I was curious to see if the problem was an incompatibility issue with Vista, so I installed the Belkin adapter on my main PC which already had Windows7 fully loaded. And then tried to connect with my back-up wireless router/modem on the Vista PC. And I got exactly the same result ... everything green lights, but in practice it could not detect my WiFi modem on Vista, or any other modems in the vicinity.

    So I repeated the process of installing the adapter on a bare bones installation of Win7, and as on Vista, it now worked perfectly. And continued to work when the other applications were installed.

    It then occurred to me there was a WiFi wireless adapter module that came with the motherboard of my Win7 installation. On the Intel installation disc that came with the mobo, It was labelled: WiFi 802.11bgn Wireless Adapter. I installed this adapter on the fully loaded Win7 installation using the Intel mobo installation disc,and it was exactly the same scenario as the Belkin ... that is, all green lights, but not able to detect any networks.

    In like manner, it installed and ran perfectly on a bare bones installation of Win7. And continued to run even after all other applications were loaded.

    In summary, the only way to get it to work was to load it straight after loading Windows and before any other applications were installed. After eveything was loaded, if it was uninstalled and reinstalled it would not run.

    This was true for two different adapters on two separate computers with different operating systems. This makes me suspect the conflict is in a Windows update.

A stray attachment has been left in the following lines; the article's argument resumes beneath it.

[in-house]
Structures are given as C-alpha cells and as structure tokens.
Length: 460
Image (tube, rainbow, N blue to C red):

4. jobeard

    jobeard TS Ambassador Posts: 12,812   +1,515

    It is extremely easy to overlook the mode issues for WiFi b/g/n mode support.

    1) make sure you know the modes supported by your wifi router

    2) your system adaper *MUST* be able to match that mode

    3) there are many cases the N+G should work - - but don't, so coerse the
    router to G-Mode only and then use the WiFi Connection Wizard to access it.
  5. Poppa Bear

    Poppa Bear TS Enthusiast Topic Starter Posts: 228   +8

    The thing is:

    1. If the modes are not supported, then it would never connect to them under any circumstance, but it does on bare bones, and on fully installed installations, provided it is installed before other progams are installed.

    2. Even if the modes are incorrect, it should still display any other networks available, whether it can connect to them or not.

    3. In bare bones installations, both adapters connect to both my D-Link and Thomson modems. And display 4 or 5 other networks in the vicinity.

    The issue seems to be one of detection rather than connection.